2008-10-16 / Local & State

Pa. Legislature OKs Electricity Conservation Bill

By MARC LEVY ASSOCIATED PRESS WRITER

HARRISBURG, Pa. (AP) - A heavily lobbied bill to cut electricity prices and encourage energy conservation easily passed the state Legislature last Wednesday as lawmakers rushed to ease the pain of disappearing rate caps for a growing number of Pennsylvanians.

The bill would require utilities to follow new electricity-buying rules and install millions of "smart'' meters, making Pennsylvania the first state to mandate the devices, according to state officials. By 2011, utilities also would have to find ways to reduce overall electricity consumption, although the bill allows them to decide how to achieve that goal.

The bill has been hung up for well over a year as lawmakers sought common ground between consumer advocates, the utilities and Gov. Ed Rendell, who first proposed the legislation in early 2007. On Wednesday, the Senate approved the measure, 47-3, and several hours later the House gave its approval, 186-4, as the chambers rushed to finish business on their last voting day before the Nov. 4 election.

The bill goes to Rendell, who said he plans to sign it.

"This energy bill puts Pennsylvania right at the forefront of the nation in conservation,'' Rendell told reporters.

Backers said the provisions will save people money as decade-old rate caps for the majority of Pennsylvanians expire over the next 27 months, allowing utilities to collect the full cost of the wholesale power they buy. Rendell said the state's 5 million-plus electricity customers should see more than $500 million a year in savings starting in 2013.

The sweeping bill also would impose fines up to $20 million against utilities caught manipulating the price of electricity and allow the Public Utility Commission to reorganize its structure to adjust to the deregulated electricity markets.

Late Tuesday, unable to break utility opposition, senators dropped a provision to require the companies to reduce their rates to reflect savings which they predicted when their industry was deregulated in 1996, but which never materialized.

When the caps do expire, the impact of the increases - anticipated to be between 20 and 63 percent, depending on the utility territory - could easily mean hundreds of dollars annually in higher bills for each household and small business.

Under the bill, utilities would have to show state regulators that they are seeking out the lowest-cost electricity to deliver to ratepayers. As part of that, the utilities would be able to buy electricity in contracts lasting up to 20 years from power providers as a hedge against unpredictable wholesale market prices.

Proponents, including the state's utility consumer advocate, Sonny Popowsky, said they believe that formula will stabilize electric bills and potentially spur construction of new power sources that would add to supply while lowering wholesale prices.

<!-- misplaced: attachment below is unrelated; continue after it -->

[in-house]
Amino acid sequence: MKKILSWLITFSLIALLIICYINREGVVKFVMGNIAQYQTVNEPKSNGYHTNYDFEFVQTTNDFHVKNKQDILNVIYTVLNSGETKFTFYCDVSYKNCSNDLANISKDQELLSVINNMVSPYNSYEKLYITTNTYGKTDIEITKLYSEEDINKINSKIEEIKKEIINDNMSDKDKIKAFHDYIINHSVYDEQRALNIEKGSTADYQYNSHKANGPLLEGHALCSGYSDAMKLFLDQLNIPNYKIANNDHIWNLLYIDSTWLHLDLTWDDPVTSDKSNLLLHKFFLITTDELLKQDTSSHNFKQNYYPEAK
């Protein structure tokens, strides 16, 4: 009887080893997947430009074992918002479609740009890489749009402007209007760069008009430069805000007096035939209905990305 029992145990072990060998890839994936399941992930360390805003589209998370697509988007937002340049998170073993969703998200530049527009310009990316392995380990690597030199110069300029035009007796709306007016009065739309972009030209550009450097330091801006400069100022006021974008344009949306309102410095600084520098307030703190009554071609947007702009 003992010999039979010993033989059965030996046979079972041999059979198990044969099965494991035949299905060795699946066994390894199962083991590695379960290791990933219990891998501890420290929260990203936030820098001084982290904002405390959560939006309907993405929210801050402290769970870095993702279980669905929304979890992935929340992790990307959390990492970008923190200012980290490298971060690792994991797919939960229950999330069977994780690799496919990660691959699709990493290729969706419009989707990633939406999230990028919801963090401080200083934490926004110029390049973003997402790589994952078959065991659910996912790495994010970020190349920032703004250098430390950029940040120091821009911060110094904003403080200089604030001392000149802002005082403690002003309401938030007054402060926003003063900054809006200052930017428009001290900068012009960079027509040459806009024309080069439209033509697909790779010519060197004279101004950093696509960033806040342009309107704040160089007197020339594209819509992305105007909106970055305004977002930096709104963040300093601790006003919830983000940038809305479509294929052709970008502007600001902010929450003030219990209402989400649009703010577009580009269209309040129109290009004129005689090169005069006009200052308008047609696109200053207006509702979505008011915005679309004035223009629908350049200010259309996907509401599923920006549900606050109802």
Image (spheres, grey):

However, utility officials questioned whether buying in long-term contracts was wise, given the potential that a volatile wholesale market price can drop, as well as rise.

"We'll have to look at it a couple years from now and ascertain what it did,'' said J. Michael Love, president and CEO of the Energy Association of Pennsylvania, an industry group for the state's electric and gas utilities.

Under the new conservation rules, utilities would have to cut annual electricity usage at least 1 percent by May 31, 2011, based on usage estimates made by state regulators. By May 31, 2013, the total reduction would rise to at least 3 percent while utilities would have to slash 4.5 percent of electricity usage during the 100 highest-use hours of the year, when electricity is at its most expensive.

Utilities can bill ratepayers for the cost of their conservation efforts.

In addition, many more customers would receive "smart'' power meters that track how much electricity flows into a home in real time, allowing utilities to better respond to outages and offer timebased alternatives to the average monthly rate that they traditionally charge.

Under the bill, utilities would have to provide a smart meter to whomever requests one, install one in all new construction and swap one for any meter that is at least 15 years old.

While major industrial and commercial ratepayers have operated on time-based rates for years, the concept of trying to shift electricity use to periods when fluctuating wholesale electric prices are lowest remains relatively foreign to residential users.

The utilities would be able to charge consumers for the cost of the smart meter, which can vary - about $200 - depending on the kind. The most advanced ones allow the utility and the customer to gauge usage and cost immediately, instead of once a month after a meter reader makes the rounds.

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